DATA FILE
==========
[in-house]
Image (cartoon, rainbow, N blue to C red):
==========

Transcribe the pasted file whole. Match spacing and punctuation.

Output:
[in-house]
Image (cartoon, rainbow, N blue to C red):